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The problem with board report templates (and what you should do instead)
Author : David Cameron
Posted : 21 / 12 / 21
Does this sound familiar? You’ve had a request from your board of directors for an update about something you’re working on. You go back to them for more information about what they want. But they’re busy and their support team just repeats the information you already have. How do you create something quickly that meets the board’s needs? If only there were a template …
Or you’re a member of that board, or part of that support team. You’ve had the reports for that month’s meeting through and once again they’re not up to standard. This is happening way too often. You need a fix – a way to ensure your incoming board reports are of a consistently high quality. Maybe what you need is a template …
Well, maybe a template is the solution. It’s an understandable impulse to consider one, whichever role you have here. But first let’s have a look at the problem – from both sides.
As the report writer, you’re probably not clear about what the board wants from you. It’s tempting to think that a template is a quick and easy shortcut.
But is the answer to this lack of clarity a template full of fixed headings? Do you have something pithy and relevant to write under all the headings? (Should you be expected to?)
As a board support team member, you may be frustrated by the quality of the reports you receive. And you’re thoroughly fed up with the negative feedback from the board: the reports are needlessly long but still don’t contain the information the board want. Or maybe you are a member of the board, and you’re looking for ideas to create a template to solve this problem.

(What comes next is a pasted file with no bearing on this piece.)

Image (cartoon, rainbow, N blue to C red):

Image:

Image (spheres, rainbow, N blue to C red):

But is the problem with the reports that they are not structured under a set of generic headings? Or is it something else?
I’ve worked with and for many organisations over the years, and they all had problems with report writing. Boards and their support teams frequently complain that the quality of the reports they receive is not good enough.
Almost all the boards ended up getting together to agree on a template for all reports. Frequently, this was linked to a requirement to keep the report length down to, say, four pages. The aim was to get consistently structured reports that were of the right length.
Report writers typically celebrated this development, hoping that years of report-writing misery were behind them. But when they first used the template, they often discovered that, sadly, this was not the case.
Let me explain why hunting for a board report template is the wrong way to solve any of these problems. You may find it helpful to understand this from both sides. But you can also just click to jump to the relevant part of the article, whether you’re a board or board support team member or a report writer.
Looking for a board report template? Read this first. @EmphasisWriting Click To Tweet
Generic templates are a problem because no two organisations are the same. They also rarely encourage the kind of thinking you want from your report writers: that is, to actively think about what the board really need to know or what might have changed since the template was produced. This can lead to more filler, not less.
Another common motivation for putting a template in place is to try and cram under one heading something important that really needs to be covered throughout. For example, you may need to remind writers to consider risk in their reporting or to include information that helps the board fulfil their legal duties. (In the UK, these duties include promoting the success of the company for the benefit of its members, as well as considering other interests and impacts, under Section 172 of the Companies Act 2006.)